Sunday, October 21, 2007

Down on the Hustings - More Local Politics

I can't believe it has been over a month since my last post on DKos. But what a month it has been in local politics in the City of St. Petersburg. The last post was a rundown on our City Council elections, which will be on November 6th. Follow me below the jump, and I'll bring you up to date on what has been happening in our little corner of the world.

First let me do a little quick recap and a correction. St. Petersburg, Florida's 4th largest city, is a city of about 250,000 folks on the west coast of Florida. It's eastern boundary is Tampa Bay, so that puts us in the Tampa Bay area, the western terminus of Florida's infamous "I-4 Corridor". Our county, Pinellas, (pop approx 1 million) is the westernmost county in the corridor, Florida's swing area of the state. In 2000, Pinellas went for Al Gore by about 10,000 votes. In 2004, it went for George W Bush. So we are the swing county in the swing region in the swing state of the country. Just a bunch of swingers is what we are.

But St. Petersburg, which occupies the southernmost part of our county, is actually a fairly solid blue city. The map of legislative seats in the southern half of Pinellas County is almost solidly blue. The sole exception to this are the state House and Senate seats (1 each) which also include the beach communities on the barrier islands.

In St. Petersburg, we have a strong Mayor and City Council form of government. While the Mayor, Rick Baker, is a conservative Republican, 5 of the 8 seats on the officially nonpartisan city council are now held by Democrats. There is now one Independent, who most often votes with the Dems and but two Republicans remaining on the Council. To get to my count of Dems on the Council in my previous diary, I miscounted the Independent as a Dem.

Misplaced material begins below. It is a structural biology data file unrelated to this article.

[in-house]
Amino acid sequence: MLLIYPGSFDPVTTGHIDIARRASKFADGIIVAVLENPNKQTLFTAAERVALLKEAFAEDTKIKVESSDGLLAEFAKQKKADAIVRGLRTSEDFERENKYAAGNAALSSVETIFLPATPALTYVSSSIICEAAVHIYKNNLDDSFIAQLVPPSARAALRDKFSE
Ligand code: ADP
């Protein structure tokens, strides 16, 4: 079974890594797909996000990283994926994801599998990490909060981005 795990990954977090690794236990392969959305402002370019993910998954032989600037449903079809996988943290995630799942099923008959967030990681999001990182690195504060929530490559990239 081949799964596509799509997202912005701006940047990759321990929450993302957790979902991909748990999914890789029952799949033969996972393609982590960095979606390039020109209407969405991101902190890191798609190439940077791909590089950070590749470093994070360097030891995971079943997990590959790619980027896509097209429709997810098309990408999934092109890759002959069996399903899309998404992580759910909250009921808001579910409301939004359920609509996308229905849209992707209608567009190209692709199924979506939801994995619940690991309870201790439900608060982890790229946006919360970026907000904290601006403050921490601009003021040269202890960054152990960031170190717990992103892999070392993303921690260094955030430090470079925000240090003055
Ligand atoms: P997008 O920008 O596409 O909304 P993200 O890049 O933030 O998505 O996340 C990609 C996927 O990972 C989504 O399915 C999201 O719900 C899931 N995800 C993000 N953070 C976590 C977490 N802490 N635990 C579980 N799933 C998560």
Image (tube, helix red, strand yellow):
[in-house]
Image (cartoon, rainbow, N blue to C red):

This party lineup of 5 Dems, One Independent and two Rs is not likely to change after November 6th unless something (else) really strange happens. I say something else really strange because we have had several really strange happenings in this election cycle in St. Petersburg.

The first really strange thing was the sudden resignation and then suicide of the City Council Chairperson. This occurred on the Friday before the September 11th City Council primary elections. John Bryan was accused in family court of having improper physical contact with his his teen aged adopted daughter. He resigned his City Council seat and committed suicide the following day.

The vacancy in the Distrcit 2 Council seat was filled last Thursday when the City Council selected attorney James Kennedy, a Democrat, from among the five applicants for the seat. Again, although officially nonpartisan, the 4 Democrats on the council voted for Kennedy, while the two Republicans and the Independent voted for the lone Republican applicant. Thus, the District 2 seat was flipped to Democratic, as John Bryan had been a Republican (albeit of the moderate, not right wing Christian nut case type). Kennedy will serve out the remaining two years on John Bryan's term. And that's how 4 Dems got to be 5.

The other strange thing happened in the District 5 council race. Incumbent Jamie Bennett won his primary with 67% of the vote and advanced to the general election facing political newcomer Chris Kelly. In St. Petersburg, if more than two candidates file for a seat, a district only primary is held. The top two vote getters then advance to a city wide general election. But here's where things really got weird, as if they weren't weird enough already.